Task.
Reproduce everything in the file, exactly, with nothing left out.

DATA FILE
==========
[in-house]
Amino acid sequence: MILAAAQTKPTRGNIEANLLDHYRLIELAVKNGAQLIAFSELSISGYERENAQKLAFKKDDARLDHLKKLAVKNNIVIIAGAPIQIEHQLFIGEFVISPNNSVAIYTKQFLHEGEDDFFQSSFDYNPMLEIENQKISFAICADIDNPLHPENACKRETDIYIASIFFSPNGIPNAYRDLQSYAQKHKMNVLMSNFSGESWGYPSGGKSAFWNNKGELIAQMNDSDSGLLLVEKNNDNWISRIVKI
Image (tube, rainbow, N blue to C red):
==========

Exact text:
[in-house]
Amino acid sequence: MILAAAQTKPTRGNIEANLLDHYRLIELAVKNGAQLIAFSELSISGYERENAQKLAFKKDDARLDHLKKLAVKNNIVIIAGAPIQIEHQLFIGEFVISPNNSVAIYTKQFLHEGEDDFFQSSFDYNPMLEIENQKISFAICADIDNPLHPENACKRETDIYIASIFFSPNGIPNAYRDLQSYAQKHKMNVLMSNFSGESWGYPSGGKSAFWNNKGELIAQMNDSDSGLLLVEKNNDNWISRIVKI
Image (tube, rainbow, N blue to C red):